Beyond the starters, Bloom let the other big ticket free agent on Boston’s roster walk, as Kyle Schwarber signed a four year, $79 million deal with the Phillies. Schwarber fit in fantastically with the Red Sox last season and was a big part of their run to the ALCS. The team will have trouble replacing his on-base abilities, at least in the initial part of the season. Schwarber’s problem was his defense, which isn’t good, but he fit in quite well in left field in Boston. Any field that can hide Manny Ramirez can hide Kyle Schwarber. What’s more, Schwarber in the field likely would’ve only been for the 2022 season as JD Martinez‘s contract is up following this season, and Schwarber could have transitioned to a more DH-heavy positional mix. Oh well, I guess.
The end result of all this, again, up to the moment before the Story signing, was Boston under Bloom continuing to go, depending on your point of view, cheaper or more nimble. Were it up to me, I’d have brought back Rodriguez and Schwarber, but now without their contracts and the contracts of JD Martinez, Eovaldi, likely Xander Bogaerts who has an opt-out, Jackie Bradley, Enrique Hernandez, Christian Vazquez, Hill, and Wacha, the Red Sox will be as well-positioned to add next off-season as any team in baseball. Which is good, because that’s a mass exodus of talent.
The move the team made that I really liked, and I don’t think I’m out on an island here, was the signing of Trevor Story. Story helps solidify the middle infield in a way that hasn’t been the case since before Dusin Pedroia’s injury. I have no concerns about Story hitting outside of Colorado. He should step in and bring power, speed, and above average defense to a position the Red Sox have struggled to fill for going on five seasons now. What’s more, if Bogaerts does leave the organization, as he has the power to do following this season, Story can move over to shortstop and play there for as many of the seasons remaining on his contract as necessary while giving the Red Sox above average production at the position. This is the reason you spend money. The fit was too good and I’m overjoyed the front office saw this fit and extended themselves to make it happen, bring in the player, and improve the team.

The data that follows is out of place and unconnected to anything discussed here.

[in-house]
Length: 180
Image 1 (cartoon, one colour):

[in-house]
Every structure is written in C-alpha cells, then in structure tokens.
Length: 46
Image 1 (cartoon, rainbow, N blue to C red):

C70: Old friend Michael Wacha joined the Red Sox this winter. What do you think he can give the team?
Mike: Not much other than be a placeholder for Chris Sale, James Paxton, Tanner Houck, or Garrett Whitlock. Over the last three years, Wacha has pitched to a 5.11 ERA in 66 games and his FIP of 5.07 indicates it wasn’t due to poor fielding or elements beyond his control. His career-high in innings is 181 1/3 and that came back in 2015 when he was 23. Since then—in non-COVID seasons—Wacha has averaged about 125 innings. I can see him as a spot starter or long reliever but not much else.